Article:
4) What is your most memorable moment? Wait, I have a memory? *puzzles*. . . Oh! Hang on . . . yes. My most memorable moment (say that ten times fast!) would have to be my wedding day, when I married the most wonderful man in the world.

5) Do you have a hobby? Gardening, if I ignore the fact I’m terrible with most plants.

6) Do you have a favorite childhood nursery rhyme? Not in particular, although it was an interesting moment in my adult life when I discovered what the rhyme “Ring Around the Rosy” really referred to!

7) What type of music do you enjoy most? Not sure how to categorize it, but stuff by Linkin Park, Evanescence, Muse, and, well, generally music with lyrics that actually make one think or tell a story.

8) Are you a country bumpkin or a city slicker? Oh, country bumpkin, most definitely! I’d rather pull weeds and walk through the woods, haul hay and ride horses than bumble around, lost and alone, in a scary city setting.

9) If you could rewrite a chapter in your life would you? Yes. All of middle school. No, in fact, I’d delete that entire chapter out of my life.

10) Do you have a fear of anything? Clowns, spider webs in the face, and someone driving heavy machinery through the woods. Combine the three, and I’m likely to have a heart attack.

11) Do you have a favorite place you go for a latte, coffee or tea? My favorite place to go for coffee is . . . my writing desk.

Eleven nominees (well, really twelve now, due to a previous mix up on my part!) . . . :

Stephen Dodgson – The Beach in Tenerife
Court Ellyn – Wordweaver
Heather Frizzell – Heather’s Revision Diary
Eve Gaal – The Desert Rocks 
David Gilmore – David Gilmore’s Blog
William Kendall – Speak of the Devil
Logan Keys – Logan Keys Fiction
Lorraine Sears – Red Lorry’s Journey
Ben Wallace – Dumb White Husband (blog)
Lena Winfrey Seder - Pearldrops on the Page

. . . and eleven questions asked of them:

1) What is your favorite mythical creature?

2) What are your five least favorite words, and why?

3) What inspires you to write what you write in your blog posts or other writing projects?

4) If you could have any super power, what would it be, and why?

5) If you knew the end of the world was coming, how would you spend your final day on earth?

6) What’s your biggest accomplishment?

7) If someone handed you a tarantula, what would you do?

8) How do you write? In total silence, or with background noise?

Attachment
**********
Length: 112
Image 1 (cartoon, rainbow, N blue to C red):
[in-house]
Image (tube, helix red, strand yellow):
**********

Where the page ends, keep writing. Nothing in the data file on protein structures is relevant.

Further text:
9) Who is your biggest writing influence?

10) Who’s your favorite author?

11) What do you believe is the most important thing in the world?

And finally, here are the eleven official rules of the Liebster Award. (Well, all right, there are really only eight, but I had to keep to the “eleven” theme!)

Copied from the blog “Lorraine Reguly’s Life.” :

If you have been nominated for The Liebster Award AND YOU CHOOSE TO ACCEPT IT, write a blog post about the Liebster award in which you:

1. thank the person who nominated you, and post a link to their blog on your blog.

2. display the award on your blog — by including it in your post and/or displaying it using a “widget” or a “gadget”. (Note that the best way to do this is to save the image to your own computer and then upload it to your blog post.)

3. answer 11 questions about yourself, which will be provided to you by the person who nominated you.

4. provide 11 random facts about yourself.

5. nominate 5 – 11 blogs that you feel deserve the award, who have a less than 1000 followers. (Note that you can always ask the blog owner this since not all blogs display a widget that lets the readers know this information!)

6. create a new list of questions for the blogger to answer.

7. list these rules in your post. (You can copy and paste them from here.)

Once you have written your post, and published it, you then have to:

8. Inform the people/blogs that you nominated that they have been nominated for the Liebster award and provide a link for them to your post so that they can learn about it (they might not have ever heard of it!)

. . . See? Super easy!